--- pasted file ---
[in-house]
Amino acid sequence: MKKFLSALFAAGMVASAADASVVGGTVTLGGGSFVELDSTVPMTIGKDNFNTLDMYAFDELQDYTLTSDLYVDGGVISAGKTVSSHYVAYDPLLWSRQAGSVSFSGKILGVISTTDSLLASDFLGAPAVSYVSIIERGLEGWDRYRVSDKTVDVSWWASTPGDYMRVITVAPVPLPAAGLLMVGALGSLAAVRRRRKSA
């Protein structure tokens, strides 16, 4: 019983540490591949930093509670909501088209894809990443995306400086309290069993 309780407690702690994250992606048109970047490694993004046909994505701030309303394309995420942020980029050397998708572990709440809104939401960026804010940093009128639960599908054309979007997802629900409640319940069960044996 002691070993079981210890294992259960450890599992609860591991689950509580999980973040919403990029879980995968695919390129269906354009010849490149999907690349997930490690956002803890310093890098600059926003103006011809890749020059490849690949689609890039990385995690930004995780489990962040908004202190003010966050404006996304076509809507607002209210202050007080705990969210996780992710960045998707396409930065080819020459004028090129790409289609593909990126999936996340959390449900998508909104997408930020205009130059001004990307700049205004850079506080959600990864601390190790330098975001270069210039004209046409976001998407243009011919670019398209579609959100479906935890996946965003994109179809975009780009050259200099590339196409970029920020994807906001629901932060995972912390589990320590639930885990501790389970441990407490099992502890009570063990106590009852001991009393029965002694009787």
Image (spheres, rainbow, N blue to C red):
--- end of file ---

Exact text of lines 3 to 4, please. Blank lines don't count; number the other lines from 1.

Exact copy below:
């Protein structure tokens, strides 16, 4: 019983540490591949930093509670909501088209894809990443995306400086309290069993 309780407690702690994250992606048109970047490694993004046909994505701030309303394309995420942020980029050397998708572990709440809104939401960026804010940093009128639960599908054309979007997802629900409640319940069960044996 002691070993079981210890294992259960450890599992609860591991689950509580999980973040919403990029879980995968695919390129269906354009010849490149999907690349997930490690956002803890310093890098600059926003103006011809890749020059490849690949689609890039990385995690930004995780489990962040908004202190003010966050404006996304076509809507607002209210202050007080705990969210996780992710960045998707396409930065080819020459004028090129790409289609593909990126999936996340959390449900998508909104997408930020205009130059001004990307700049205004850079506080959600990864601390190790330098975001270069210039004209046409976001998407243009011919670019398209579609959100479906935890996946965003994109179809975009780009050259200099590339196409970029920020994807906001629901932060995972912390589990320590639930885990501790389970441990407490099992502890009570063990106590009852001991009393029965002694009787």
Image (spheres, rainbow, N blue to C red):